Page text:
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Saturday, Nov. 17, 2012
Meeting Chinese aspirations
The Chinese Communist Party on Thursday selected China's new leadership headed by Mr. Xi Jinping. He will lead not only the party as general secretary of the party's Central Committee but also the military as chairman of the party's Central Military Commission. He is expected to be elected China's president, with Mr. Li Keqiang as premier, in March during a session of the National People's Congress.
Mr. Xi inherits the country from his predecessor, Mr. Hu Jintao, when it is at a crossroads. Although it is now the world's No. 2 economy, it is suffering from a great rich-poor gap, serious environmental disruption, widespread corruption and ethnic problems.
There were times that China's economy enjoyed two-digit growth. But this year it is expected to grow only 7.8 percent.
"The Scientific Outlook on Development," the party's new "theoretical guidance," which is the legacy of the outgoing Mr. Hu and is aimed at achieving sustainable and balanced growth, sums up what the new Chinese leadership must accomplish.
It is an enormous task for the leadership of a country with a population of 1.34 billion. To prove his quality as leader, Mr. Xi needs to develop a concrete mechanism to address and lessen people's grievances and complaints.
To break vested interests, he needs to establish the rule of law, strengthen democratic processes and introduce a system to monitor and restrain state power and the behavior of officials.
He may face difficulty in his reform efforts because the majority of the all-powerful, seven-member Politburo Standing Committee is believed to be under the influence of former Chinese President Jiang Zemin, a leader of the old guard.
Mr. Xi enumerated the issues that he must tackle when he said, "Our people have an ardent love of life. They wish to have better education, more stable jobs, more income, greater social security, better medical and health care, improved housing conditions and a better environment." His worth as leader will be measured by whether he can meet these aspirations of the people.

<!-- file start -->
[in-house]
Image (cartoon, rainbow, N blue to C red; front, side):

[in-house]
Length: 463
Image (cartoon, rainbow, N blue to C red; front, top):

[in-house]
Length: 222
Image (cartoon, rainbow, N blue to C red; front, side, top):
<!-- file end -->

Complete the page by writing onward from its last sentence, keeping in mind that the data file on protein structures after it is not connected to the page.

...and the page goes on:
In the international community, China's rapid military buildup and its hardline policy aimed at protecting its maritime interests are causing worries among neighboring countries. If China is obsessed with pushing this line of policy, it will lose trustworthiness in the international community. Mr. Xi should pursue the establishment of cooperative relations with other countries.
He said, "In modern times ... China has endured untold hardships and sufferings, and its very survival has hung in the balance ... Our responsibility now is to rally and lead the entire Party and the people of all ethnic groups in China in taking over the relay baton passed on to us by history."
He may be hinting that he will take a hardline stance toward Japan over the issue of Senkaku Islands sovereignty. It must be remembered that taking an anti-Japan attitude is a sure way to secure one's legitimacy in Chinese politics.
Japan should make serious efforts to develop channels of communication with China at various levels and consider imaginative ways to resolve the current diplomatic crisis with China while maintaining a resolute attitude.